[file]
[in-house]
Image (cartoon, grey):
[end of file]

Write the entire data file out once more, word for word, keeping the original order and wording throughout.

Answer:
[in-house]
Image (cartoon, grey):